PokerStars Sunday Warm-Up Tournament
Type of Tournament: Multi-table Tournament
When: Sundays at 13:00 ET
Blind Levels: 15 Minutes
Starting Chips: 10,000 Chips
Buy-in: $200 + $15
Interesting Fact: Second biggest weekly prize pool on PokerStars
The PokerStars Sunday Warm-Up was introduced in 2006 as an additional high stakes contest for players spending their Sunday afternoons on the site in anticipation of the Sunday Million. The inaugural Warm-Up had the same $215 buy-in as it does today, but only 644 players jumped on board, making for a prize pool of only $128,800. Over the past five years, the Sunday Warm-Up has grown at a remarkable pace, and today the guaranteed prize pool every week is $750,000.
Though the Warm-Up is not nearly as hyped and promoted as its big brother the Million, PokerStars still feeds the player pool with plenty of satellites. There are money satellites, and Frequent Player Point satellites; multi-table tournament satellites, and Sit & Go satellites; regular satellites, turbo satellites, and superturbo satellites. You can find them all by searching for “Sunday Warm-Up” in the tournament filter.
As with the Million, PokerStars.tv maintains a channel dedicated to the Sunday Warm-Up, where you can watch highlights—with hole cards included—of every single week’s tournament. You can also watch unedited replays of the last week’s Warm-Up through the PokerStars software. All replays are displayed in orange text under the “Tournament” heading.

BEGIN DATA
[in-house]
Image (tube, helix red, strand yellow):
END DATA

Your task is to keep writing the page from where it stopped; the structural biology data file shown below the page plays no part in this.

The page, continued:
Sunday Warmup Strategy
Because it attracts a smaller crowd of entrants than its big brother the Sunday Million, the Warm-Up has a slower structure, which is great news for good players. You should adjust by staying patient in the early game and passing up opportunities to flip that you might take in a faster format. Of course, the slower structure only benefits you if you have a decent edge over your opponents, so study your own post-flop play very closely to ensure you’re capable of staying one step ahead. Don’t be afraid to apply a lot of pressure to your opponents with bluff and semibluffs; you’ll usually have enough of a stack that you won’t have to risk your tournament life to do so.